The team Hayes encountered surprised him. A half-dozen players sat in bulky 60-pound wheelchairs—instead of sleek chairs designed for athletics—and they wore jeans and boots. “It was a motley crew. It was ugly,” Hayes remembers. “We did an hour and a half practice, then I turned around and went back to Arlington.”

Soon, Snow followed Hayes up Interstate 35, joining what might have been UTA’s best-ever wheelchair team in 1981. A team that never won a championship.

In the only season no national championship tournament was played (the governing body canceled it for reasons unknown to Hayes), the Movin’ Mavs featured Snow as the off-guard with players of equal talent around him. Three of the starting five, including current UTA faculty member Abu Yilla, would later play professionally.

With no college teams offering competition, UTA played semi-pro teams and reached the regional round of their national tournament.

“Three of those guys were going to graduate. It was kind of a one-shot deal,” Hayes said. “Now for a college team to even be there, to be listed in the Top 20 [of the National Wheelchair Basketball Association], that was unheard of.”

Snow would eventually win two national championships, but he was never a part of UTA’s six crowns. He won titles with a Fresno, Calif.-based semi-pro team and with the Dallas team.

Still, he credits his college coach for much of his success. He calls Hayes “the first person who brought the Trojan horse of wheelchair sports into my life.”

“He planted the seed,” Snow said. “He revealed those new opportunities. … I was bringing a lot of comparisons into my life [with] the way it used to be. That created frustration and friction.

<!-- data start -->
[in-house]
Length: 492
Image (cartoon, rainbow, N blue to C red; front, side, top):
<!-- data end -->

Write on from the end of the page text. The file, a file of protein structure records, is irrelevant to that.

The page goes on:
When wheelchair sports arrived, it was like a rescue boat came to me. I began to meet all the people who had been rescued as well. I just couldn’t get enough.”

And he just couldn’t lose.

“I played against him. My shorts are still at the mid-court line,” Hayes said. “I ran track with him and against him, I coached players with him and against him. Randy was one notch above. When you felt like he got to where he should be with his extensive talents, he’d take the next step. Unless he beat John McEnroe, he was not going to be happy with his tennis game.”

Hayes said Snow’s induction into the Olympic Hall of Fame does more than honor one man. It validates the notion of wheelchair athletics.

“There are those out there who think you don’t measure up the same as able-bodied sports,” he said. “Randy surpassed all that with his selection. … He was recognized as one of the world’s best all-time athletes, because that’s what he is.

“But the neat thing about Randy is that he’s always taken the opportunity to put something back in the system. He’d rather spend time with the 7-year-old just getting into wheelchair sports than he would with Bonnie Blair.”

Snow, who now lives in Terrell, hasn’t lost his competitive edge. He still keeps fit, exercising two hours a day on a machine resembling a bicycle for the arms. He makes his living as a motivational speaker for audiences ranging from elementary school students to Fortune 500 companies.

“It’s pretty interesting where clients come from,” he said. “We all need a boost. We all need people behind us.”

A published author, Snow speaks on topics ranging from overcoming obstacles to being an effective leader and earns up to $5,000 per appearance. He has plenty of material to draw from, based on athletic achievement alone. Yet he says his biggest accomplishment has nothing to do with sports.

“I still look back on my degree at UTA,” he said. “That was kind of an Olympic campaign in itself.”

— Danny Woodward